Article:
— Navigating faith as a gay man
By Liz Clements
“I spent a great deal of my time in the shadows, hiding. That is not a happy existence for anyone.”
Dr Numair Masud from Cardiff used to practise Islam but left his faith as he felt he could not express his sexuality but instead had to hide it.
But for David Williamson and Matthew Dicken, from Cwmbran their experience couldn’t be more different – they are looking forward to receiving a church blessing when they get married in May.
“Being same sex attracted and being a Christian are not mutually exclusive. They can co-exist,” according to David.
During LGBT+ History Month three gay men share their views on their respective faiths – a relationship that is historically complicated with views varying from person to person in diverse religions across the world.
‘You can be persecuted by law’
Raised in a Muslim family in Pakistan, Dr Masud found it “impossible” to express his sexuality there.
“It was an upbringing of repression and oppression,” said the 32-year-old.
“By virtue of being in love with the same sex, you can be persecuted by law. There was fear because you don’t want the truth to come out because it can harm you.”
In Pakistan homosexuality is illegal and punishable by possible life imprisonment.
Numair moved to the UK to start a degree in zoology in Bristol and then moved to Cardiff to study for his PhD.
Navigating his identity as a gay man he became critical of his relationship with Islam and decided to leave the faith.
When he fell in love with another man, Numair realised he could not and would not return to Pakistan.
In 2017 he claimed and was granted asylum in the UK and now lives in Cardiff working as a research scientist at Cardiff University.
“Perhaps the most important freedom of all that I discovered, was the freedom to be able to help others through learning from my own trials and tribulations, to be able to help others discover their own voice”, he said.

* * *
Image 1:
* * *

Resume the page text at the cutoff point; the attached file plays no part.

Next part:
Numair is now an LGBTQ+ activist, helping others who struggle to reconcile their sexuality and religion.
He worries that there is a danger when faith informs potentially harmful views.
“You have a right to believe in what you want, but the moment your belief when acted upon harms me or anyone else or any other community, that is unacceptable”, he said.
He acknowledges his experiences are personal and there are LGBTQ+ Muslims who are able to continue practising their faith.
While some attitudes are changing towards LGBTQ+ people in Muslim communities he personally was unable to do this.
“It feels bittersweet, because I’ve had to give up a lot in my life to be where I am today. Saying goodbye to the people you love is not easy,” he reflects.
“The sweet element, the sense of joy comes from realising that I have the freedom to be myself and find love, to love and be loved without too much judgement here in Wales… I’m so thankful and grateful for that.”
While Numair struggled, for David and Matthew, their religion is at the heart of their relationship.
‘Celebrate our love’
In just under three months, Matthew, 34 and David, 46 will tie the knot in Cardiff’s City Hall.
But what the couple, who are members of the Church in Wales, are most excited for is a blessing at Llandaff Cathedral, Cardiff.
It will be the first blessing of its kind at the 12th Century cathedral.